What is the best desktop for architects

Laptop or desktop?

Working in changing rooms at the university, alone or in a group, at home or with parents, on the train, on vacation ... The demands on mobility clearly speak in favor of purchasing a laptop instead of a desktop. With the same performance, a desktop is initially cheaper, but the added value of a laptop clearly outweighs the additional costs. In addition, with a desktop monitor, keyboard & mouse and speakers have to be purchased separately.

Not to be confused with laptops / notebooks are the so-called netbooks, which have insufficient computing power. Like tablets, they are well suited for office, research and internet applications, but by no means for productive work in architecture.

However, the classifications netbook - notebook / laptop - desktop are not clearly separated; there is a lot of overlap here. For example, there are powerful small ultrabooks with 12 "displays, good performance and long battery life and well under 1 kg in weight, but also notebooks with displays over 17" that weigh more than 4 kg and are only suitable for occasional transport. The latter have an extremely short battery life, but are still more mobile than any desktop. The so-called "2-in-1 devices" or "convertibles" such as the Lenovo Yoga, Microsoft Surface Pro or some Dell laptops are - depending on requirements - suitable to a limited extent. In this respect, generally valid statements can hardly be made.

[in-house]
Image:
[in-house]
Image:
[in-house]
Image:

Therefore, you will find general technical information and explanations about the hardware equipment of a laptop and finally some concrete examples from different price regions. Devices from Apple are not discussed in more detail at this point, as the variety of models there is comparatively small. Since the hardware is also the same as with "normal" Windows laptops, the general explanations also apply analogously to Apple products.